China and U.S. in standoff after U-2 surveys live-fire exercise


Chinese Ministry of National Defence made a strongly-worded statement accusing the U.S. of flying its U-2 spy plane in the “no-fly zone” over live ammunition exercises. The U.S. military states it operated within international law.

The incident occurred in an undisclosed location in China’s northern military region on 25 August, 2020. According to Chinese MOD spokesman Wu Qian, the U.S. “seriously disrupted China’s normal exercises and training activities, violated China-U.S. maritime and air safety code of conduct and related international practices”. Qian also called it a “provocation”, which could “easily lead to misunderstandings”.

Since then, the U.S. military has issued a statement confirming the flight, but refuting allegations of its unlawfulness. 

“A U-2 sortie was conducted in the Indo-Pacific area of operations and within the accepted international rules and regulations governing aircraft flights. Pacific Air Forces personnel will continue to fly and operate anywhere international law allows, at the time and tempo of our choosing,” the statement read.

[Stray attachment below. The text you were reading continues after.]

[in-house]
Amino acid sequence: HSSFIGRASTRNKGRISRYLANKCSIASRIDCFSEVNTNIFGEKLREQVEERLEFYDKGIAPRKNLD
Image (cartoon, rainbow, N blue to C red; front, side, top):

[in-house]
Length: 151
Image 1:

Lockheed U-2 spy plane involved in an incident, a heavily upgraded variant of the iconic cold-war aircraft, likely featured sophisticated surveillance and electronic warfare equipment capable of gathering intelligence on the unfolding of Chinese war games. A move was bound to prompt a harsh Chinese response, even though it did not have to involve direct overflight of the exercise or putting high-flying aircraft anywhere near the live-fire zone.

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